Foreign stocks are soaring and Americans are pouring money into them. But although overseas equities have captured investors’ fancy before, there’s a twist this time: More investors are embracing passive, index-style investing, ignoring the long-held belief that active managers can beat indexers by uncovering bargains in inefficient foreign markets.

Have conditions really changed enough to make indexing pay off as well in foreign markets as it has in the U.S.? It may be too soon to know for sure. But international equity markets and American investor behavior are clearly evolving. “Whatever the argument was in the past for active versus passive, it’s different today,” says Richard J. Herring, professor of finance and international banking at Wharton. “It’s different today because the indices [that guide indexed investments] are better constructed.”

Experts note that foreign stock index funds have begun to beat many actively managed competitors in recent years. And it is natural for Americans impressed with indexing stateside to try the strategy overseas. “People chase performance. That’s what’s happening,” says Richard Marston, professor of finance and economics at Wharton.

From the start of the year through mid-April, the leading foreign stock index, the Morgan Stanley EAFE, was up more than 9% versus 4.2% for the chief U.S. index, the Standard & Poor’s 500. The EAFE rose more than 13% in 2005, the S&P 500 about 4.8%.

Some markets are on fire. In the 12 months ended April 13, mutual funds specializing in Latin American stocks returned a stunning 82.5%, according to Lipper, the fund-tracking company. Japanese stock funds returned nearly 46% and Chinese stock funds were up 34.4%.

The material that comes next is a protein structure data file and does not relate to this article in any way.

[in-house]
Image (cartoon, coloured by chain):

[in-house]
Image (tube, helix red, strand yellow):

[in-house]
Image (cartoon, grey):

In February, the most recent month for which figures are available, investors poured nearly $19 billion into foreign-stock mutual funds, compared to $8.4 billion for U.S. stock funds.

With stellar returns, it’s obvious why Americans are drawn to foreign-stock funds. But American investors have also grown enamored of indexers, which now hold about 15% of assets invested in foreign-stock funds, up from about 5% in 2001, according to AMG Data Services. “People want diversification at the cheapest cost,” notes Wharton finance professor Jeremy Siegel, who talks about the latest economic developments in a podcast included in this issue. “As an extension to the indexed domestic portfolio, many advisors are now recommending an indexed approach to the foreign portfolio. It probably will continue.”

Siegel says the typical American investor should have 40% of his or her equity portfolio in foreign stocks, since many foreign markets have greater potential for growth than the well-developed U.S. market. “The U.S. will, over time, become a narrower and narrower slice of the world market. Just as you don’t want to confine yourself to two industries in your portfolio, you don’t want to confine yourself to one country…. I really advise broad diversification.”

Stripping Out Japanese Shares

Rather than hunt for hot stocks, as actively managed funds do, indexers simply buy and hold the stocks in a market indicator such as the S&P 500, or EAFE, which stands for Europe, Australia and Far East.